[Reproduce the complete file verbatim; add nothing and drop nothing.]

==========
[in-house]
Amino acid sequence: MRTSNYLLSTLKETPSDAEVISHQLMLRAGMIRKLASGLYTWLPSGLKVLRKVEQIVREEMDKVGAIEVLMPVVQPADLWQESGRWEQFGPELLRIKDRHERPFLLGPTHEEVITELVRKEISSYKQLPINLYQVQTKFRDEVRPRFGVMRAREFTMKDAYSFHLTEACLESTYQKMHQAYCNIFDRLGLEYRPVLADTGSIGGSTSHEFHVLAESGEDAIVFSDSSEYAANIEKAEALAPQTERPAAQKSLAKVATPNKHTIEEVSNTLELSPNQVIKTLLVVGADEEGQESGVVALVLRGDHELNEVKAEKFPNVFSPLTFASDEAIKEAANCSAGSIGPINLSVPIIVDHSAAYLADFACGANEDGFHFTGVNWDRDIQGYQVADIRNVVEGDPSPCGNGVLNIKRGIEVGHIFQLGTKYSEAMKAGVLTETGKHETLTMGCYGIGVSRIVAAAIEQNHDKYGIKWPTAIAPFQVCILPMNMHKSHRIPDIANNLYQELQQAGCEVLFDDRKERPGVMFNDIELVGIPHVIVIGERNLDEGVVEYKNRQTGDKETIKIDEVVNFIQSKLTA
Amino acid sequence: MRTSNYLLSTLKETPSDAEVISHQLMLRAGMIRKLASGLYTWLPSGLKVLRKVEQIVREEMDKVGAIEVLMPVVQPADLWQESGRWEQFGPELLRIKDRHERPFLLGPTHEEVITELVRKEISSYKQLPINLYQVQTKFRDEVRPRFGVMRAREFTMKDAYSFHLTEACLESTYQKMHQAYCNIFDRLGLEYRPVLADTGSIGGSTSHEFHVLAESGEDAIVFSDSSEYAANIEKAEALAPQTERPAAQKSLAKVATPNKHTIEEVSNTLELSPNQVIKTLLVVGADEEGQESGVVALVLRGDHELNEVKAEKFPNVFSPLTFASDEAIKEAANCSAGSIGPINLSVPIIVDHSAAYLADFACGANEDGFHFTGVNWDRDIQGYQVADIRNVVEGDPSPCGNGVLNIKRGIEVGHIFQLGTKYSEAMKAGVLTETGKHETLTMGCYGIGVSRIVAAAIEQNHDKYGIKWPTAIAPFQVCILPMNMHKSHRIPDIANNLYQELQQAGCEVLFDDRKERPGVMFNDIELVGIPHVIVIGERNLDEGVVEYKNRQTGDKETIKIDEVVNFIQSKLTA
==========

[in-house]
Amino acid sequence: MRTSNYLLSTLKETPSDAEVISHQLMLRAGMIRKLASGLYTWLPSGLKVLRKVEQIVREEMDKVGAIEVLMPVVQPADLWQESGRWEQFGPELLRIKDRHERPFLLGPTHEEVITELVRKEISSYKQLPINLYQVQTKFRDEVRPRFGVMRAREFTMKDAYSFHLTEACLESTYQKMHQAYCNIFDRLGLEYRPVLADTGSIGGSTSHEFHVLAESGEDAIVFSDSSEYAANIEKAEALAPQTERPAAQKSLAKVATPNKHTIEEVSNTLELSPNQVIKTLLVVGADEEGQESGVVALVLRGDHELNEVKAEKFPNVFSPLTFASDEAIKEAANCSAGSIGPINLSVPIIVDHSAAYLADFACGANEDGFHFTGVNWDRDIQGYQVADIRNVVEGDPSPCGNGVLNIKRGIEVGHIFQLGTKYSEAMKAGVLTETGKHETLTMGCYGIGVSRIVAAAIEQNHDKYGIKWPTAIAPFQVCILPMNMHKSHRIPDIANNLYQELQQAGCEVLFDDRKERPGVMFNDIELVGIPHVIVIGERNLDEGVVEYKNRQTGDKETIKIDEVVNFIQSKLTA
Amino acid sequence: MRTSNYLLSTLKETPSDAEVISHQLMLRAGMIRKLASGLYTWLPSGLKVLRKVEQIVREEMDKVGAIEVLMPVVQPADLWQESGRWEQFGPELLRIKDRHERPFLLGPTHEEVITELVRKEISSYKQLPINLYQVQTKFRDEVRPRFGVMRAREFTMKDAYSFHLTEACLESTYQKMHQAYCNIFDRLGLEYRPVLADTGSIGGSTSHEFHVLAESGEDAIVFSDSSEYAANIEKAEALAPQTERPAAQKSLAKVATPNKHTIEEVSNTLELSPNQVIKTLLVVGADEEGQESGVVALVLRGDHELNEVKAEKFPNVFSPLTFASDEAIKEAANCSAGSIGPINLSVPIIVDHSAAYLADFACGANEDGFHFTGVNWDRDIQGYQVADIRNVVEGDPSPCGNGVLNIKRGIEVGHIFQLGTKYSEAMKAGVLTETGKHETLTMGCYGIGVSRIVAAAIEQNHDKYGIKWPTAIAPFQVCILPMNMHKSHRIPDIANNLYQELQQAGCEVLFDDRKERPGVMFNDIELVGIPHVIVIGERNLDEGVVEYKNRQTGDKETIKIDEVVNFIQSKLTA